Another thing we often get caught up in, and it's always because of time, is realizing the project isn't over the day the kids walk through the door. All kinds of things change-you open up the building in September during air-conditioning season and never see the heating pipe working. If you do it in the fall, you don't see the air-conditioning system working. You need to go through a cycle, and the building occupants need to understand. [A school construction project] is a huge investment. We can't just walk away from here the day it's finished and then say 'see you in court.' You should be able to go through every season in the year, then sign off on that building.

Miele: Commissioning is nothing but verifying-verifying that a piece of equipment works; verifying the controls are operating. When you're satisfied that what you purchased is what you have and it works, that's when that one-year warranty should start.

AS&U: What role does the type of insurance carried by the architect/engineer play in your selection process?

McGair: As I have stated earlier, insurance is usually assumed as being in place. Having this roundtable discussion brings it more to light and highlights questions that we will be asking and thoroughly reviewing.

Miele: I've never requested or required a general contractor to provide me proof of insurance below his level.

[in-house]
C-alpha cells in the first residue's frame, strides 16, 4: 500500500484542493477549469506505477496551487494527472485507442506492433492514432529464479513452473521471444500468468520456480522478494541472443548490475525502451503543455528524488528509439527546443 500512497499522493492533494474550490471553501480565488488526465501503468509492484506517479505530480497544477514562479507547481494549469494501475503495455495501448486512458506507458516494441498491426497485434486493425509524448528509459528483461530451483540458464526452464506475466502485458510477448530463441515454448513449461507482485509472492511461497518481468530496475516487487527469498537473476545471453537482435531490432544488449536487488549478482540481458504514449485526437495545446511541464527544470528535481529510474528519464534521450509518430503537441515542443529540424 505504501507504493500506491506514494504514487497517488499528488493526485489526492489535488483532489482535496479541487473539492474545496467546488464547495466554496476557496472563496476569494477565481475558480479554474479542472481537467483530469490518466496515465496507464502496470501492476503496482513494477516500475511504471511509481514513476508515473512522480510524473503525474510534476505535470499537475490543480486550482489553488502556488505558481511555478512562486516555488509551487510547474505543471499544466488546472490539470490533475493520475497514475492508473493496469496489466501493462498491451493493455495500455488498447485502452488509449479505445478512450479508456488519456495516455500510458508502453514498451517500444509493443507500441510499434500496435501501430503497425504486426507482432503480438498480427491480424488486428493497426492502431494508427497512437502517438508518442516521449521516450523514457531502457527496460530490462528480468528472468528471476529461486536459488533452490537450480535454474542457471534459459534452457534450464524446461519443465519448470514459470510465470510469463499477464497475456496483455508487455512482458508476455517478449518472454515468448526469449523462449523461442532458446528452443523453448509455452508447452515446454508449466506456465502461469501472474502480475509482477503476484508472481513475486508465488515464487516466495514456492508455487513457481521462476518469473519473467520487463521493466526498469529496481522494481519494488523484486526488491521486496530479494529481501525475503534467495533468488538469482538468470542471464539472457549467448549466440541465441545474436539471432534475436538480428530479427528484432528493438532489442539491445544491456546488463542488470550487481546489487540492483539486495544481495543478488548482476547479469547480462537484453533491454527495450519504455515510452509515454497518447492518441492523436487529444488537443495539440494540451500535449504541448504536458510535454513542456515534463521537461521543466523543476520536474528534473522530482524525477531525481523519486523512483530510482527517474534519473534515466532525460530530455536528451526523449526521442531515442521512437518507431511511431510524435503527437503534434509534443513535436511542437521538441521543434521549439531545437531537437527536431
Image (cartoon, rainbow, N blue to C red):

The general contractor is responsible for subs-every man, woman and child that he brings into that building, into that district, to work. If he brings a sub-contractor in and that sub-contractor doesn't have insurance, the general contractor's still liable. What helps me is our municipality requires every contractor that works in our school, that works in our township, to be licensed. And in order to be licensed, you have to have a certificate of insurance.

Lechner: We require the general contractor's insurance to cover all of his subs and subs subs, as well as materials supplied. In addition, we require every sub-contractor with excess work of $100,000 to carry his own insurance.

McGair: Normally, it is the general contractor's responsibility to ensure the sub-contractors have the proper insurance coverage. However, after having this discussion, I will require the GC to provide my office with proof of insurance for all his subcontractors. In the event of a problem, however, I will still go to the GC.